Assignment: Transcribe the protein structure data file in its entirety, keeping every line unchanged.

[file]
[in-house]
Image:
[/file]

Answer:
[in-house]
Image: